I am not comfortable with harassment and discrimination.
I am not comfortable with a lot of things.
I am not comfortable with, yes, the privilege that I experience, in all my white feminism. I am working to be more aware of it and to destroy it.
What “am I comfortable” does for me is challenge me to continue the work of feminism that asks me every day to be radically accepting of my self and others. In that space of grace and acceptance, I am comfortable.
I love Bernie Sanders. I voted for him in the primary. But Bernie is wrong to refer to reproductive rights as “just one issue,” as he did yesterday in his defense of campaigning for an anti-choice mayoral candidate in Nebraska: “I think you just can’t exclude people who disagree with us on one issue.”
For context, Bernie recently declined to endorse Jon Ossoff, Democratic candidate for the Georgia congressional seat Tom Perez left open when he became Trump’s Health & Human Services Secretary, stating that Ossoff was “not progressive” on economic issues.
I want candidates who are progressive on economic issues, too. It is inconsistent, however, to hold such a hard line with Ossoff yet be willing to overlook the harmful anti-choice stance of another Democratic candidate.
Here’s the bottom line, and listen up, because this is important:
Abortion is not just one issue. It’s health and economics and education and stability of families.
Most of all abortion is VIEWING WOMEN AS AUTONOMOUS BEINGS.
I discovered the OR Principle last year while standing in a fitting room, and it changed my life.
My wardrobe includes what is essentially a dozen variations on the same loose, soft material, you-can-breathe-in-it Loft blouse. One can never have too many of these blouses, and I was trying on a new one for summer. I looked in the mirror at my bare arms and thought, “I really HAVE to work on toning my arms.”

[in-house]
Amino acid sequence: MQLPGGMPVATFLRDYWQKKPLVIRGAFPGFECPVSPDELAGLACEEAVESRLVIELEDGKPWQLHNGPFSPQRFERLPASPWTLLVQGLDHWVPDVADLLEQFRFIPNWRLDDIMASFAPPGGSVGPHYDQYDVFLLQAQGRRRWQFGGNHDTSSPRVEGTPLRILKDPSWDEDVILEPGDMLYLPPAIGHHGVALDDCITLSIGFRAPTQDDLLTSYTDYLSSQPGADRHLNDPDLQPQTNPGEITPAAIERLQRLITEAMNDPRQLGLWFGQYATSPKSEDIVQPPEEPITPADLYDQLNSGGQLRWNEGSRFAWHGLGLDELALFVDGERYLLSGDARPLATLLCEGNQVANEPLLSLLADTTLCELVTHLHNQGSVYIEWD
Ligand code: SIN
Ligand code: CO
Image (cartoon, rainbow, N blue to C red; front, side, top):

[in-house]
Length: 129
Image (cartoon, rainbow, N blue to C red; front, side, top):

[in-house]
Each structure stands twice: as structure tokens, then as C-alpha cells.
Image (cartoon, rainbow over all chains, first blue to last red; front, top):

The words floated in my brain, and each letter was tipped with the same stones that line a flagellant’s whip. This is always how such thoughts appear to me. A whip that was handed to me in a fitting room many, many years ago when I was just a child, when someone pointed to my stomach and told me I needed to “lose that belly.” The whip was given to me as if it were my birthright as a woman. I was to carry it with me for life. It was to be used as necessary to force both body and soul to submit.
As women, whenever something doesn’t fit – whether it’s a blouse or a job or a relationship – our first instinct is to think of how we can change our selves. That is the default solution. That is the norm. Our realities and our bodies are the aberrations to be controlled. Squished, contorted, fit into the appropriate space.
But this time, as soon as I began to calculate how many gym classes I needed to take and how many calories I need to not take in order to get my arms in shape, a new thought formed and even escaped through my mouth: “OR.”
That’s exactly how I said it. It was a bold, 20-point font OR.
“OR, designers could start making shirts with some damn sleeves on them,” I said.
And everything changed.
In the year since, every time the whip appears above my head, there is an OR right behind it, gently placing its hand over the one holding the whip.
When I am feeling trapped by a problem at work or home, OR opens a door: “This situation is hopeless. I’ll never get it right. I’ll never be good enough. OR…… there may be a different way that I just haven’t thought of yet.”
OR is an invitation to a bigger life. OR opens up space.
OR has a great sense of humor. OR is the wise woman I’ve always wanted to be. The one who has seen it all. Who knows that the energy of her wild spirit should not be used up in keeping a running mental log of calories. OR knows that the way to get a bikini body is to put a bikini on her body. OR knows that it is also perfectly fine to want sleeves on her shirt. OR’s body is soft and strong and sturdy. It exists outside the purview of others to judge. She is soft and strong and sturdy. She exists outside the purview of others to judge.
I am soft and strong and sturdy. I exist outside the purview of others to judge.
You do, too.
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One of the most important reasons I started this blog: to fill the void of too-few liberal voices talking about how our faith inspires our politics.
When I was about ten years old, growing up in a conservative Christian home, I asked my grandmother if she was a Republican or a Democrat. Obviously, I knew she was going to say Republican, because all Christians were Republicans. (My grandparents, who were given awards for their perfect Sunday School attendance – as adults! – and watched Bill Gaither Homecoming videos, were most definitely Christians, in the cultural sense and in the most personal.)
Except she said she was a Democrat, and it poked a hole in my worldview.